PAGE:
Noble Group Cut to Junk by Moody's Over Liquidity Concerns

  • Move comes despite sale of stake in agriculture unit to Cofco
  • Commodity trader has been criticized over its accounting

Noble Group Ltd., the commodity trader battling criticism of its accounting, had its credit rating cut to junk by Moody’s Investors Service on concerns about the company’s liquidity amid a broad downturn in prices for energy and raw materials.

Moody’s lowered Noble’s senior unsecured bonds to Ba1 from Baa3, the ratings company said Tuesday in a statement. The outlook for the company’s new rating is negative.

Moody’s warned two months ago that it might take action. Hong Kong-based Noble appeared to counter the threat earlier in December when it agreed to sell the rest of its agriculture unit to China’s Cofco Corp. for at least $750 million. But Moody’s said Tuesday that despite that deal, the company’s liquidity is still constrained. It said Noble suffers from low profitability and negative cash flow from “core” operations, excluding the proceeds from asset sales.

"The downgrade also reflects the uncertainty as to whether or not these factors can be improved sustainably and materially, given our expectations of a prolonged commodity downcycle, and the consequent negative sentiment impacting Noble and commodity traders in general," Joe Morrison, a vice president and senior credit officer at Moody’s, said in the statement.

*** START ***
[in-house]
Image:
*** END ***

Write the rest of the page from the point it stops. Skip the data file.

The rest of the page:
“While we respect Moody’s decision, we are of the firm view that, once the just announced Noble Agri deal closes, our rating metrics will substantially exceed those required of an investment-grade credit,” Noble said in an e-mailed statement. “We are confident that the deal will be approved by our shareholders and will close before the end of February.”

Noble shares have fallen 61 percent in Singapore this year amid criticism from a group called Iceberg Research, whose members are anonymous, and investor concern that tumbling commodity prices will hurt its business. Noble has rejected the allegations, and said in November it was confident that it would meet targets set out by Moody’s to maintain an investment-grade rating.

Noble’s 6.75 percent bonds maturing in 2020 have fallen 36 percent in the past year to 69.125 cents after trading as high as 114.125 cents in July 2014, according to Trace, the bond-price reporting system of the Financial Industry Regulatory Authority. They yield 17.7 percent.

Noble is rated BBB- by Standard & Poor’s, the lowest investment grade.

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